If you change work environments once in a while you know that there is one thing that you are doing quite a lot of when starting off: Cloning quite a lot of repositories. Microservices, git and infrastructure as code among other things have let to a big number of repositories in almost all organizations.
As I was doing that the last time it got really tedious. Mainly because I wanted to search the whole code base and that did not work with the local gitlab instance. Naturally I turned to the shell to give this a shot and as it turns out it is a one liner (line breaks added for your convenience ;)), mostly thanks to python-gitlab and the inherent awesomeness of the shell:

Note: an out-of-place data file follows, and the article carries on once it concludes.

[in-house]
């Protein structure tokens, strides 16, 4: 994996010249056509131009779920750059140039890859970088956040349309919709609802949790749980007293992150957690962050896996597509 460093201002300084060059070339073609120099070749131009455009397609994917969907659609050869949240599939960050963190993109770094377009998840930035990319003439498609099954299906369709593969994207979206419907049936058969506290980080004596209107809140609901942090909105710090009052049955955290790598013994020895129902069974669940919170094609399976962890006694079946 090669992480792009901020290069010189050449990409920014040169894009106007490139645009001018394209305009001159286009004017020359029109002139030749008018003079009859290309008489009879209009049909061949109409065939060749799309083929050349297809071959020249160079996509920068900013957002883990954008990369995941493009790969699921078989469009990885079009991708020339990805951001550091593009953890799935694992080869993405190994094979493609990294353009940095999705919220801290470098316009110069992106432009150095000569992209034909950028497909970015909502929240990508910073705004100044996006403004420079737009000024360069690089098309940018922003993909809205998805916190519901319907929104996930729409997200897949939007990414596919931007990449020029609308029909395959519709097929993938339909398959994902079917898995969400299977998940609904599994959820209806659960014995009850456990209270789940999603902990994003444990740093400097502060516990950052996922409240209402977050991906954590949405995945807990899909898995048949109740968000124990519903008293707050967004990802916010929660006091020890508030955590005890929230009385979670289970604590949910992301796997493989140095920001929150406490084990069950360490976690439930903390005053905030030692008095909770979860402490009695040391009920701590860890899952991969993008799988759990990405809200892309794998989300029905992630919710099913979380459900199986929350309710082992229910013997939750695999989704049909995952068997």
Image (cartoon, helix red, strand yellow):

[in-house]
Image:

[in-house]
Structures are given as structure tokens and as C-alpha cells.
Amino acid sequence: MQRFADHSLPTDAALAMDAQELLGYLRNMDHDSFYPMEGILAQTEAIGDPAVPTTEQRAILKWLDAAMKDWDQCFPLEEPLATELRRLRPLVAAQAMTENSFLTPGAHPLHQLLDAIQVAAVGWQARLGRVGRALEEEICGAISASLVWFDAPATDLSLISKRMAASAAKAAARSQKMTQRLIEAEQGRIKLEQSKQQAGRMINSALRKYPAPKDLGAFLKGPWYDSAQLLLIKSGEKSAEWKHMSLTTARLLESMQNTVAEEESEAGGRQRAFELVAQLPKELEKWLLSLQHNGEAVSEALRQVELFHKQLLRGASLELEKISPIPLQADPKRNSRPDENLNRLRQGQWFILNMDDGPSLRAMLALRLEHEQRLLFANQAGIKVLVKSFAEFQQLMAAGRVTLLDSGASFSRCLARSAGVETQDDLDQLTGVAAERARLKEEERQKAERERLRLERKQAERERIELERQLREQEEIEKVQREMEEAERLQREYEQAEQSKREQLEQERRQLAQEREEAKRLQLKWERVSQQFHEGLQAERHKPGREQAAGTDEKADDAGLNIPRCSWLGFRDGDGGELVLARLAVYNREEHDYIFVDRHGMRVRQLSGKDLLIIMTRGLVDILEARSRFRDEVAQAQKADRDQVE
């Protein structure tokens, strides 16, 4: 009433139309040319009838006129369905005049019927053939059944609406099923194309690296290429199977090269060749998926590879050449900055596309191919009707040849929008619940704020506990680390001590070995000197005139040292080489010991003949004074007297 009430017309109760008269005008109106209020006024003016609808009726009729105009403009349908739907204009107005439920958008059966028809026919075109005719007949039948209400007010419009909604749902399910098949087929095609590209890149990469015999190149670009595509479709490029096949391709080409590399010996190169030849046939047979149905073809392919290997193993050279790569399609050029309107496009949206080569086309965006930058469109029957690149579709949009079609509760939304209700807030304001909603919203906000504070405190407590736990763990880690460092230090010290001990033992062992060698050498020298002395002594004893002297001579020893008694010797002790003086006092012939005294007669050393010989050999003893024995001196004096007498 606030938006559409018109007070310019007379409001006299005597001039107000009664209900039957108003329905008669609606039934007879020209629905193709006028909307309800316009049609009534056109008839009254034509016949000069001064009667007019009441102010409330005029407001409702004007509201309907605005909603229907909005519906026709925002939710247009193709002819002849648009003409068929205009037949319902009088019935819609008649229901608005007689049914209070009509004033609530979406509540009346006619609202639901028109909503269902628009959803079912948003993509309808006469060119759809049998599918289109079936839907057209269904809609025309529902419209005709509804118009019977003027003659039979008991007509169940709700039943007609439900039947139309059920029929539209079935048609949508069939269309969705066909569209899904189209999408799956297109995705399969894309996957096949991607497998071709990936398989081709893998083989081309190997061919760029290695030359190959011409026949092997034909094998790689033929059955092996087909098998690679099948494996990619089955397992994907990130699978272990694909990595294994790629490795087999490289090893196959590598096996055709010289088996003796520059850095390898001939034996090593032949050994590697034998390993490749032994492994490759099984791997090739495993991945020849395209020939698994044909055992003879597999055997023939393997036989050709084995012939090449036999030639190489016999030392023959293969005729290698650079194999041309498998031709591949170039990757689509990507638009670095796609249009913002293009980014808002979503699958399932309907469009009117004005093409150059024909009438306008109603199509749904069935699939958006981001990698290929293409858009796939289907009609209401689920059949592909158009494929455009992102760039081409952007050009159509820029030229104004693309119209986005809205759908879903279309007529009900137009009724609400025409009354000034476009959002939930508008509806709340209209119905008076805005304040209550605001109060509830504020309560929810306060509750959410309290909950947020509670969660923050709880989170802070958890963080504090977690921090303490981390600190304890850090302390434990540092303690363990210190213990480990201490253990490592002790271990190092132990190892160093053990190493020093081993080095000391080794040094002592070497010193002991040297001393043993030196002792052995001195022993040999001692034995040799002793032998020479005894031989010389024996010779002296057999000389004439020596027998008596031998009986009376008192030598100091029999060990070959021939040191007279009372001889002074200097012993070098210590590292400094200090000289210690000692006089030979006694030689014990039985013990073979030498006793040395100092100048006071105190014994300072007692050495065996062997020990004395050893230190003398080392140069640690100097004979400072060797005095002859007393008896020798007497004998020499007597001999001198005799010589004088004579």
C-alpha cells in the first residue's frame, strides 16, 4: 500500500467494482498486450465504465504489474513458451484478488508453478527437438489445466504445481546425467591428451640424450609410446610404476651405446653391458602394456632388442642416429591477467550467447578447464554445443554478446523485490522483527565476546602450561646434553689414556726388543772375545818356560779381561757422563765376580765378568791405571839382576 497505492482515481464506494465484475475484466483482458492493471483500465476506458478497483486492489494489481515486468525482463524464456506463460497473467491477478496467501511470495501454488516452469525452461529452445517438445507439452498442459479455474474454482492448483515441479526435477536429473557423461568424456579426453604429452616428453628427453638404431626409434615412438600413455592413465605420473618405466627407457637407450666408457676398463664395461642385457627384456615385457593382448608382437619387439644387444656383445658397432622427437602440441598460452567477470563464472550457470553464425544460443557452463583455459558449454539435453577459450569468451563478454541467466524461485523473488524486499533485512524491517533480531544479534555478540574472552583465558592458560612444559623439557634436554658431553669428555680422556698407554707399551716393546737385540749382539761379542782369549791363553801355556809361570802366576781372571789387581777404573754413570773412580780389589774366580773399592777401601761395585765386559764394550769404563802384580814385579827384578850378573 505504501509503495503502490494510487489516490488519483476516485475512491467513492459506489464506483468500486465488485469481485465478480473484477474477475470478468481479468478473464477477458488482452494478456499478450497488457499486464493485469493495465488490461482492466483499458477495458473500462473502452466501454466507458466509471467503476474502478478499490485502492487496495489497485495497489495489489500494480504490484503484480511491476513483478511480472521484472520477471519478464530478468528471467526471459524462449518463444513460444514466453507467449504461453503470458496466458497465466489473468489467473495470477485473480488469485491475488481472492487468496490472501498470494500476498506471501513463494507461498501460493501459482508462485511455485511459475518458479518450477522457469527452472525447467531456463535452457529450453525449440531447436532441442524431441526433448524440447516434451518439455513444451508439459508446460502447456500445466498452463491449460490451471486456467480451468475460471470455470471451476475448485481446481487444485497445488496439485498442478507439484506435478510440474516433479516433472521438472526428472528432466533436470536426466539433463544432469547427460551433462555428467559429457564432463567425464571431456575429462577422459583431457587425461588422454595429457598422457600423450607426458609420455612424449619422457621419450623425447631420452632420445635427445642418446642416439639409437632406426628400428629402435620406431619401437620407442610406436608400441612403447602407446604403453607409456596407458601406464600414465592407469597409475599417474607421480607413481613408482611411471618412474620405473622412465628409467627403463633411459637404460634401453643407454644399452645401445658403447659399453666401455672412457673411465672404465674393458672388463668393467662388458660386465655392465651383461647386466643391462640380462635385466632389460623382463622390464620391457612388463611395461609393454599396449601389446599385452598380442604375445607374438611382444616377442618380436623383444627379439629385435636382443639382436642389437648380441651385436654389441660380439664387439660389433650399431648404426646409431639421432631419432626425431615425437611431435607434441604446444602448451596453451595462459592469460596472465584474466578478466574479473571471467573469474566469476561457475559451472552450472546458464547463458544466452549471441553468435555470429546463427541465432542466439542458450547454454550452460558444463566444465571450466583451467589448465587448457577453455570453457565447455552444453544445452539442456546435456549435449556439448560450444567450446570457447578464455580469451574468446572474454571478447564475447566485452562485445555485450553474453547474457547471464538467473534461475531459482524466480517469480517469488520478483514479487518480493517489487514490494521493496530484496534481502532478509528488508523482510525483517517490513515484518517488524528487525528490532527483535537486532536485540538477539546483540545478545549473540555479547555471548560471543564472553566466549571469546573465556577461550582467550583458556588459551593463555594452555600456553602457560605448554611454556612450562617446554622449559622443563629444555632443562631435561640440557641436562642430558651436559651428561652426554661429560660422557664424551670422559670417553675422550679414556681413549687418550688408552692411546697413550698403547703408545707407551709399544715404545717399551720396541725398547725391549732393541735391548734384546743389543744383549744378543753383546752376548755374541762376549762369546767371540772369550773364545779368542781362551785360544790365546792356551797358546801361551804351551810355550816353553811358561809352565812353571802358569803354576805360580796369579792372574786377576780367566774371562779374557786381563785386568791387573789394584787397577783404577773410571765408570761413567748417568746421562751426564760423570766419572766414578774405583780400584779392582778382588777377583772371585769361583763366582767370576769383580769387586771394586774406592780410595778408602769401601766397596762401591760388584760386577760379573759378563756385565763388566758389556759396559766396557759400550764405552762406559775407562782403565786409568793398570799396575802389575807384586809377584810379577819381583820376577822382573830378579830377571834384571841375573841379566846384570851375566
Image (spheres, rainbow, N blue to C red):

gitlab -o json -f ssh_url_to_repo,namespace,path_with_namespace project list --all \ | sed '/^[[:space:]]*$/d' \ | jq -c 'select( .namespace.kind == "group" )' \ | jq -r ".ssh_url_to_repo,.path_with_namespace" \ | xargs -P 10 -n 2 git clone
By the way if you work with many repositories I recommend giving myrepos a shot. That means you have to register repositories with the tool and then update them in bulk. That again is a breeze to do if your shell is at hand:
find . -name .git -type d | xargs -n 1 dirname | xargs -n 1 mr register
Bonus tip: If you are still only use grep for search, give ag a go. It is like googling your hard drive and very handy when dealing with a big codebase.